Wide Angle

Little Women and Dickinson Are Less Interested in Love Than Money

Instead of investing in romance, these 19th-century women count on themselves.

Side-by-side of promotional stills of the two Louisa May Alcotts.
Saoirse Ronan in Little Women and Zosia Mamet in Dickinson, both as Louisa May Alcott. Photo illustration by Slate. Photos by Sony Pictures andApple TV+.

Crying, sitting next to my crying mom, and watching Greta Gerwig’s wonderful Little Women over the holidays, I couldn’t stop thinking about Zosia Mamet’s cameo as Louisa May Alcott on Apple TV+’s Dickinson. Mamet gives us Alcott as a brash young author who turns up for Christmas dinner at the Dickinson house, irritating the daintier friend who brought her along by trumpeting the $35 she just earned for her first book. Hearing that Emily is also a writer, Alcott takes her for a jog across the fields before dinner (the real Alcott, who was full of fiery energy, often ran for pleasure), and gets right down to brass tacks. To support yourself as an author, Mamet’s Alcott advises, you should go straight for the sensational material. Don’t ever get married; don’t fret over your family’s disapproval; and whatever you do, don’t be a poet.

Little Women’s central character, Jo March, has always been identified with Alcott, but Gerwig’s version makes the link explicit, climaxing with Saoirse Ronan’s intrepid Jo writing a book called … Little Women. Gerwig’s Jo isn’t quite so mercenary as Mamet’s Alcott, and over the course of the film she finds there are limits to what she’ll write for cash, but her financial motive for writing in the first place is never in doubt.

In one year, we got two portraits of a wholly unsentimental Louisa May: not “duty’s child,” the family’s sole support, as her father Amos Bronson Alcott called her; not the moralizing “children’s friend,” teaching lessons of duty and piety to the young, as 19th- and early 20th-century biographers described her; not even exactly the feminist icon “going her own way” presented in the many children’s biographies of the author that have been published since second-wave feminism made “strong women” into a kids’ book category of its own. Dickinson’s Alcott and Gerwig’s Jo have this in common: They are all about that money.

Gerwig described the decision to foreground finances in her movie on an episode of the Ringer’s Big Picture podcast. “When I reread the book as an adult, money was all over it. … So much of what the book was about was the kind of underlying economic question of how, because they didn’t have ability to earn money, hold property, vote, women had no way to really make art.” This, Gerwig said, is why the movie opens and closes with Jo’s editor, Mr. Dashwood (Tracy Letts). “We did a close-up of her hand handing Mr. Dashwood the story, and his hand handing the money back, because to me that exchange is at the core of what the book is about,” Gerwig said. “ ‘I’m going to give you my art and you will give me money.’ And we even, in the sound editing, heightened the sound of [paper changing hands] to highlight subconsciously that this was what was going on.”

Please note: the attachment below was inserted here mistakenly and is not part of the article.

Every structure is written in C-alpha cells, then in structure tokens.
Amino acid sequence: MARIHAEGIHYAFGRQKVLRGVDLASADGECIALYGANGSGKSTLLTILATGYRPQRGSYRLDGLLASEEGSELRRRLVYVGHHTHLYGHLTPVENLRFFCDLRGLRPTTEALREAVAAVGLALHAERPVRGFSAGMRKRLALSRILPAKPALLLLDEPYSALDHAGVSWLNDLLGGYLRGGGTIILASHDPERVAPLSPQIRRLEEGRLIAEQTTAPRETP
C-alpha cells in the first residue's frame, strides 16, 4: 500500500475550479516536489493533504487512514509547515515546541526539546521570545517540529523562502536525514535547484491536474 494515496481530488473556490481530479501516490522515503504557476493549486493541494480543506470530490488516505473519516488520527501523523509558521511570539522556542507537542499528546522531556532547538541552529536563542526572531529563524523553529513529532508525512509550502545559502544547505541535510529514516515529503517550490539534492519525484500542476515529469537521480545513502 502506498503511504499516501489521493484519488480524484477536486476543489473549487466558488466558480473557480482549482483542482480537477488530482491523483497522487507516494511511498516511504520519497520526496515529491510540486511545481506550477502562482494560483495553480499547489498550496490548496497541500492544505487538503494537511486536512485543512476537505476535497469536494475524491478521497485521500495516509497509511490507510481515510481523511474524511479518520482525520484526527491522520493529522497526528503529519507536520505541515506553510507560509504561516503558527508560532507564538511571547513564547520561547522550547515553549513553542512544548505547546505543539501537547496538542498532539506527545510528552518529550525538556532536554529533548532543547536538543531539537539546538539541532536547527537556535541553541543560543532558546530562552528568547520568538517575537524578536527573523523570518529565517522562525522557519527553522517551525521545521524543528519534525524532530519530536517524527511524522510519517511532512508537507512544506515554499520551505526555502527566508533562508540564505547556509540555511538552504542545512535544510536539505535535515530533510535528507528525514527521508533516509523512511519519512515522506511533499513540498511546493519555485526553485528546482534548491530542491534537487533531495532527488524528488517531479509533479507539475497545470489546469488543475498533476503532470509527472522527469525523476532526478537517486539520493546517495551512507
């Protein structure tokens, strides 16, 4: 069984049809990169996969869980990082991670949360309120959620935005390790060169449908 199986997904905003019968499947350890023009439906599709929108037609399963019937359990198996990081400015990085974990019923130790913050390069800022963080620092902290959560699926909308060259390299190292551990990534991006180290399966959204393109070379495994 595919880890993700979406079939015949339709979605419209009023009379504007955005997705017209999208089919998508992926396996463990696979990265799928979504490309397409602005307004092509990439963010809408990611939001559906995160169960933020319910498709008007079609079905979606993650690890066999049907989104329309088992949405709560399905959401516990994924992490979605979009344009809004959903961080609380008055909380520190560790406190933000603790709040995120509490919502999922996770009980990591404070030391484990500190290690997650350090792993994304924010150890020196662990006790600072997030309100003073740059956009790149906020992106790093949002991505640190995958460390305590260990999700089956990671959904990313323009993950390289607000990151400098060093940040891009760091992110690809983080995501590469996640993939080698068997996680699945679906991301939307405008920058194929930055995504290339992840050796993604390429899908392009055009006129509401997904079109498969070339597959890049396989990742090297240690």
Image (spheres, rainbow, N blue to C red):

Underlining the connection between her adaptation’s protagonist and the novel’s author, Gerwig worked lines from Alcott’s own letters into her script, like “I can’t afford to starve on praise,” which Alcott wrote after Henry James panned her 1864 novel Moods. “He was like, ‘This is trash,’ and she was like, ‘Not all of us are trust fund kids, baby,’ ” Gerwig told the Ringer. “She outsold him by a factor of like 20 to 1.”

This new Jo, eyes on the money, is a true creature of our time. The story of Little Women and the life of its author—always intertwined in the public mind, despite the novel’s many departures from Alcott’s real life—both center the financial plight of 19th-century women, but previous adaptations have emphasized other themes. Anne Hollander, writing after the release of the 1994 Gillian Armstrong adaptation in the New York Times, argued that the 1933 George Cukor version, catering to Great Depression–era escapism, obscured the March family’s genteel poverty with the “comfortable glow of nostalgia, which gave a heartening strength to the film’s vision of courage in the face of want.” The 1949 version, she added, “visually plays down” the March family’s “makeshift amusements and threadbare arrangements” because “postwar Americans would not find signs of want entertaining.” Little Women, for decades of filmgoers, has been a classic American story about girls who lived happily, despite some deprivation, because they had each other.

That may have been some part of the truth of Alcott’s childhood in a close family of daughters, but the author also knew from an early age that her future happiness—and that of her sisters and mother—depended on her finding something lucrative to do. Alcott softened her real-life family’s circumstances in order to create the March household; her own life was marked from childhood by brutal poverty. In Eden’s Outcasts, a dual biography of Louisa and her father Bronson, who was a transcendentalist and reformer, John Matteson shows how his persistent optimism and idealism (and, possibly, his untreated mental illness) condemned his wife and four daughters to lives of deprivation. In Little Women, the Marches, led by Marmee and Beth, are do-gooders who give their breakfasts to impoverished neighbors the Hummels and speak constantly of their duty to the poor. But in real life, writes Anne Trubek, “the Alcott family, from Louisa’s birth to death, was, to most of middle-class mainstream America, a bunch of weirdo radicals, who supported John Brown, progressive education, and women’s rights.” And the children paid dearly for their parents’ beliefs.